Why do Ant Species Occur in the Matrix and Not in the Forests? Invasion from Other Habitats or Expansion from Forest Gaps (Hymenoptera: Formicidae)

José H. Schoereder

Abstract


In a fragmented Brazilian landscape, 24 species of ant, which are considered to be open-area specialists, occur exclusively in the pasture areas around the forest remnant (matrix). In this paper, we propose possible theoretical explanations for the occurrence of these exclusively matrix species, and suggest that these species originally occurred in forest gaps. We also determine whether these species occur in another type of open vegetation, the cerrado (Brazilian savanna). Ants were collected from ten forest gaps within three forest remnants. Ant species sampled in forest gaps were compared to ant species collected from the cerrado. The aim here was to determine whether there were any similarities between the two sets of species, and also to collect information about the origin of matrix ant species. In the forest gaps, we sampled 44 species of ant. Of these, 11 species were also found to occur in matrix areasand eight species in the cerrado vegetation. Two scenarios could explain this result: (I) exotic ant species of open biomes migrate to, and establish in, the matrix; or (II) the species that currently occur exclusively in the matrix areas are originally from forest gaps and have increased their distribution following the fragmentation event. We discuss reasons to support these scenarios as wellas their implications for other ecological and conservation processes.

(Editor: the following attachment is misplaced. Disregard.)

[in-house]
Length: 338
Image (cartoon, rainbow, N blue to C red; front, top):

Keywords


Disturbance; Formicidae; Habitat Fragmentation; Invasion; Landscape ecology

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References


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DOI: http://dx.doi.org/10.13102/sociobiology.v59i4.513

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